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Tips & shafts
By George Fels
Consulting Editor George Fels has been writing for Billiards Digest since 1980, and his "Tips & Shafts" column is usually our readers' first stop when they crack open the magazine. For better or worse, pool has been his only mistress for 40-plus years.

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Best of Fels
March: Tantalus
March 2017

By George Fels
[Reprinted from June 1990]

In the summer of 1989, speaking before the BCA Hall of Fame banquet and Mike Sigel’s induction, I mauled the noble Greek myth of Sisyphus almost beyond recognition. I feel bad about that, and as the only son of Jewish parents, I already have far more guilt than I can handle. So I’d like to balance the books somewhat by setting another Grecian myth straight. It’s been foisted upon the masses — at least, those six or seven who know it — far too long now, and it’s a complete crock. Or, in Grecian terms, perhaps “urn” would be more appropriate. This, then, is the myth of Tantalus. It carries no heavy-duty moral of relevance to pool or anything else, and indeed its only contribution to our culture today is the word “tantalize.”

What the myth would have you believe is that Tantalus, like Sisyphus, was a friend to Zeus. Everyone knows who Zeus was, either from my speech or some other Classic; Zeus is the “Z” in Shazam, thus his contribution to Captain Marvel as we know him today is inestimable. The thing about Zeus was, nothing good happened to people who hung out with him. In that sense, Zeus was something of the Andy Warhol of his time. And like Warhol, Zeus was a social gadabout, forever throwing Olympian feasts and parties on all the trendy mounts. Tantalus wanted in on that action, and Zeus agreed to take him under his wing. “Come on up, kid,” he said. “You’ll see how The Beautiful People live; make a few contacts; you might even get lucky.” Tantalus took to life in the fast lane at once, and even aspired to be the same kind of host. Soon he was ready to throw a party of his own, and he invited his new Olympian friends up to Mt. Society. It’s at this point that the myth asks for your giant leap of faith; like many finicky hosts, Tanty grew anxious over whether there would be enough food. So he carved up his teenage son, Pelops, and added him to the stew. Now Pelops, like many young Grecians, was fairly muscular; somebody bit into one of his chiseled deltoids, cracked a crown, and there was hell to pay.

The court looked askance at Tantalus’ new version of ground beef extender. He was sentenced to hang for all eternity from a special branch of a special tree. Beneath him was a pond of clear cool water, above him ripe, juicy fruit. If he tried to lower himself to drink, the water would recede and turn to mud; if he tried to raise himself to eat, the food would withdraw, as fruits often do. What a crock. (Rather, what an urn!) Here’s what really went down. Tantalus played a little one-pocket. Oh, he might go for some last-pocket or Alabama 8-ball too, both thinking games; Tanty liked to have his edge. And he truly was tough action for 10 drachmas or less.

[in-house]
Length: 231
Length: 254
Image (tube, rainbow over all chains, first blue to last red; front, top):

One night he was hanging out in Greece’s finest room, The Pillars of Pool, when in strolled a handsome yuppie and his date. The date was ravishing, in a pleated white mini-toga and matching mini-boots. She played well enough, she enjoyed her game immensely. But alack and alas, the poor miss hadn’t been taught the proper use of the mechanical bridge.

Well! Imagine, if you will, the consternation and befuddlement to befall the room upon the very first unreachable shot confronting the woman.

Tantalus, for his part, did what any thinking pool player would do; he first obtained an advantageous angle. Then he became fumble-fingered with his pet piece of chalk and took his own ultra-sweet time picking it back up. He couldn’t quite make out the young women’s collarbone, but apart from that, she had no secrets left.

As he returned to his seat, trying to collect himself in more ways than one, the yuppie approached him somewhat contentiously.

“Odds bodkins, sir! Did I observe you staring at my woman friend’s knees?” “Why, no,” replied Tantalus, in truth. “I had no interest whatsoever in your woman friend’s knees.”

“Well then, sir,” said the yuppie, “I think you’d better stand up, so we can have this out man to man.”

“I’m afraid I can’t do that just yet,” Tanty apologized. “But if you will give me a few minutes to get myself together here, just between us guys…” “No good, sir!” the yuppie protested piteously. “Either thou art mightily pleased to see my woman friend, or else thou hast a jump cue in thy pocket! See here, you’ve embarrassed the poor creature. By the gods, she’s blushing from head to toe.”

“Yes,” Tantalus replied. “That I noticed.”

They called the Police of Greece to The Pillars of Pool. Poor Tantalus was arrested and booked, history’s first known case of Disturbing the Piece. For punishment, Tantalus drew life without parole in a 42-table poolroom. The slight catch was that the balls were a tad too big, the pockets a tad too small, so nothing could be made. Ever. And as far as the eye could see — clear to the skyline, for 360 degrees — suckers! O, suckers!

Each sucker would happily play to the point of collapse.

Each sucker had a bankroll fit to plug a toilet.

Each sucker’s bridge wavered haplessly ’twixt ring and social fingers. But you couldn’t make a ball. You want to take down the cheese when you can’t make a ball? You better be one hell of a game-maker.

Now that’s tantalization. And that’s the true Grecian myth of Tantalus. I hope you feel edified.